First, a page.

Mentions: Collation of current knowledge of CMAS enzymology and the data presented here on the structures of mycolic acids synthesized in the presence of TAC or its analogues, leads us to propose a model for the action of these drugs. A simplified schematic shown in Figure 8A illustrates generation of the mycolic acid sub-types in M. bovis BCG as a result of action of different CMAS enzymes. Lipid Y, which is unsaturated at the distal and proximal positions, can be regarded as a common precursor for generation of both α- and keto-mycolates, and could serve as a substrate for both MmaA2 and MmaA4. MmaA2 would introduce a distal cis-cyclopropane and thus commit Y to the α-mycolic acid branch of synthesis, while action of MmaA4 would initiate synthesis of the oxygenated lipid X, committing it to keto-mycolate synthesis [23], [46]. Next, PcaA or CmaA2 would introduce the proximal cyclopropane rings [12], [41], generating either the α- or keto- mycolates, respectively. From the structural analysis of the lipids X and Y, it appears that the CMASs are differentially inhibited by TAC or SRI-224. According to our model (Figure 8B), MmaA2 is most strongly inhibited by TAC, while MmaA4 is largely unaffected. We speculate that in TAC-treated cells, owing to the inhibition of MmaA2 activity, the initial excess of common precursor Y would be shunted to serve as a substrate for MmaA4 resulting in synthesis of X, which accumulates due to lack of activity of CmaA2 and MmaA2. Thus, treatment with TAC led to a more significant reduction in the content of α-mycolates compared to the keto-mycolates with concomitant build-up of X. A similar but opposite situation has been reported in a MmaA4 knock-out mutant [46], wherein the Y is shunted to serve as a substrate for MmaA2 instead, leading to lack of oxygenated mycolates with concomitant accumulation of precursors of α-mycolates. Treatment with SRI-224 appears to inhibit MmaA4 as well as the other CMASs, leading to accumulation of the precursor Y. Thus, despite their high degree of structural homology [21], [47], the CMASs show differential sensitivity to TAC and SRI-224, resulting in abnormal ratios of mycolates.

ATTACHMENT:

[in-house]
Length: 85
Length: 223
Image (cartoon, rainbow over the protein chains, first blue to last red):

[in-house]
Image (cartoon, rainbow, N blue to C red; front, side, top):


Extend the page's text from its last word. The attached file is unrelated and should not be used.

Thiacetazone, an antitubercular drug that inhibits cyclopropanation of cell wall mycolic acids in mycobacteria.

Alahari A, Trivelli X, Guérardel Y, Dover LG, Besra GS, Sacchettini JC, Reynolds RC, Coxon GD, Kremer L - PLoS ONE (2007)

Proposed mechanism for generation of mycolic acid sub-types by the action of CMAS enzymes (A) and inhibition by TAC/SRI-224 (B).The generation of α- and the oxygenated mycolic acids is considered to follow to two independent pathways. A common, di-unsaturated precursor, Y, is envisaged for the two pathways. Y is subsequently transformed into α-mycolic acids by the action of the MmaA2 and PcaA that modify the distal or proximal double bond, respectively. Action of MmaA4 commits Y to the pathway for the oxygenated mycolic acids, by producing the precursor X. MmaA3, which is required for generation of methoxy-mycolic acids in M. tb is inactive in M. bovis BCG Pasteur due to the presence of a point mutation [50]. The proximal double bond is modified by the CmaA2 (and MmaA2) or PcaA to generate trans- or cis-cyclopropanated derivatives, respectively. In the presence of TAC, all the CMASs mentioned above are inhibited, except for MmaA4. Due to inhibition of MmaA2, excess of Y is diverted to MmaA4 leading to generation of X, which accumulates due to lack of activities of CmaA2 and MmaA2. SRI-224 appears to affect MmaA4 to a certain degree, leading to accumulation Y in addition to X. (For simplicity, only the meromycolyl moiety of mycolates has been depicted).
© Copyright Policy
Related In: Results  -  Collection

Show All Figures
getmorefigures.php?uid=PMC2147073&req=5

pone-0001343-g008: Proposed mechanism for generation of mycolic acid sub-types by the action of CMAS enzymes (A) and inhibition by TAC/SRI-224 (B).The generation of α- and the oxygenated mycolic acids is considered to follow to two independent pathways. A common, di-unsaturated precursor, Y, is envisaged for the two pathways. Y is subsequently transformed into α-mycolic acids by the action of the MmaA2 and PcaA that modify the distal or proximal double bond, respectively. Action of MmaA4 commits Y to the pathway for the oxygenated mycolic acids, by producing the precursor X. MmaA3, which is required for generation of methoxy-mycolic acids in M. tb is inactive in M. bovis BCG Pasteur due to the presence of a point mutation [50]. The proximal double bond is modified by the CmaA2 (and MmaA2) or PcaA to generate trans- or cis-cyclopropanated derivatives, respectively. In the presence of TAC, all the CMASs mentioned above are inhibited, except for MmaA4. Due to inhibition of MmaA2, excess of Y is diverted to MmaA4 leading to generation of X, which accumulates due to lack of activities of CmaA2 and MmaA2. SRI-224 appears to affect MmaA4 to a certain degree, leading to accumulation Y in addition to X. (For simplicity, only the meromycolyl moiety of mycolates has been depicted).